Now a study of asthma patients examining the impact of two different placebo treatments versus standard medical treatment with an albuterol bronchodilator has reached two important conclusions: while placebos had no effect on lung function (one of the key objective measures that physicians depend on in treating asthma patients) when it came to patient-reported outcomes, placebos were equally as effective as albuterol in helping to relieve patients’ discomfort and their self-described asthma symptoms.

The study’s senior author, Ted Kaptchuk, Director of the Program in Placebo Studies at Beth Israel Deaconess Medical Center and Associate Professor of Medicine at Harvard Medical School explained it this way in the article:

“It’s clear that for the patient, the ritual of treatment can be very powerful…This study suggests that in addition to active therapies for fixing diseases, the idea of receiving care is a critical component of what patients value in health care. In a climate of patient dissatisfaction, this may be an important lesson.”

However, I wonder if it cannot also be understood another way – which is that patients are likely to feel like their symptoms have been improved after a visit to a doctor, even if objectively their airway is still compromised.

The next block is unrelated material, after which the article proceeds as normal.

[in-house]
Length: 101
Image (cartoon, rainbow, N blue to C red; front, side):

How Should this Impact Asthma Treatment?

So what can be done with this new information? I think that Jon’s advice about patient’s knowing their own symptoms and expressing them clearly to their doctors is critical. I also agree completely with his advice that patients should ask for an objective measure of their respiratory improvement before leaving a health care facility. These two steps seem key to making sure that patients objective health is being improved – not just their subjective opinion of improvement. Finally, I think that it is critical that parents act as the best advocates possible for their children – which may include making sure that the children are heard on their own symptoms since parents are not the most reliable reporters.

What do you think? Are there other tips for asthma patients and their parents out there? How do respond to these new studies?

Related Videos:

Videos about Asthma

Related Articles:

Four Tips For Getting the Medical Care You Need When You Are Having An Asthma Problem

Asthma – How to Protect Your Child When the Steroid Inhaler Fails

Use Of Acetaminophen In Pregnancy Associated With Increased Asthma Symptoms In Children

School’s Duty to Parents: Is Your Child at Risk?

Wednesday, May 11th, 2011

Image from tutoringmontana.com